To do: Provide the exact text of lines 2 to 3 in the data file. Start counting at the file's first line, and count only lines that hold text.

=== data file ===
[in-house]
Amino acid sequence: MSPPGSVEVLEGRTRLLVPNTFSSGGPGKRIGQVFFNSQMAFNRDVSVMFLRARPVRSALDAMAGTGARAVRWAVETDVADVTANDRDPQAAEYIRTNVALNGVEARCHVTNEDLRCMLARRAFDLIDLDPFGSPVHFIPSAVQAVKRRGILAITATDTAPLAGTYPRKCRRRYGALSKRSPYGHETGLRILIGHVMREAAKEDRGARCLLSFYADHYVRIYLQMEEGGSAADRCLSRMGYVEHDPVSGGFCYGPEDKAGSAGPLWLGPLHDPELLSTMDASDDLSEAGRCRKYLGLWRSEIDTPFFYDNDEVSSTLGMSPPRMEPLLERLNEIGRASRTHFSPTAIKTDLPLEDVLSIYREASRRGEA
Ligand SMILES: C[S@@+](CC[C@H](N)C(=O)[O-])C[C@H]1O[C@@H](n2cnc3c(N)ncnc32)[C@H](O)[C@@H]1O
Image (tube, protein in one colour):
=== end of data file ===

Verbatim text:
Amino acid sequence: MSPPGSVEVLEGRTRLLVPNTFSSGGPGKRIGQVFFNSQMAFNRDVSVMFLRARPVRSALDAMAGTGARAVRWAVETDVADVTANDRDPQAAEYIRTNVALNGVEARCHVTNEDLRCMLARRAFDLIDLDPFGSPVHFIPSAVQAVKRRGILAITATDTAPLAGTYPRKCRRRYGALSKRSPYGHETGLRILIGHVMREAAKEDRGARCLLSFYADHYVRIYLQMEEGGSAADRCLSRMGYVEHDPVSGGFCYGPEDKAGSAGPLWLGPLHDPELLSTMDASDDLSEAGRCRKYLGLWRSEIDTPFFYDNDEVSSTLGMSPPRMEPLLERLNEIGRASRTHFSPTAIKTDLPLEDVLSIYREASRRGEA
Ligand SMILES: C[S@@+](CC[C@H](N)C(=O)[O-])C[C@H]1O[C@@H](n2cnc3c(N)ncnc32)[C@H](O)[C@@H]1O